Spring has been in the air for ecumenism during 1974. In the dark days of January Archbishop Bruno Heim, newlyappointed Apostolic Delegate, looked forward to the time when Churches could take the "final step" of eucharistic unity. Christians in AlsaceLorraine, France almost took the step only a week later. Protestants and Catholics there were permitted to receive Communion in each other's churches "in exceptional circumstances."
In May Dr Ramsey said there could be no reciprocal Communion rights between Anglicans and Catholics till the Vatican recognised the Anglican Church. He said in August that the main differences were Catholic views on nature, the exercise of authority and papal infallibility.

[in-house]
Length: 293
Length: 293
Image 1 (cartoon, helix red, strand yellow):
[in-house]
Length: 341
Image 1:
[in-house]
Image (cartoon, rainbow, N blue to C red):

The International AnglicanRoman Catholic Commission started to discuss Authority at a meeting in the Roman hills and Bishop Clark, the Commission's Catholic co-chairman, was given a standing ovation by the Church of England Synod. This month a vote in the Commons ended 400 years of parliamentary control over details of Anglican worship and doctrine. The cause of disestablishment marched firmly forwards.
Dr Donald Coggan, Anglican Archbishop of York, said in March that he was not opposed to the naming of a nonEnglishman as Archbishop of Canterbury. In May the Prime Minister named Dr Coggan. The Archbishop took up his new post in November.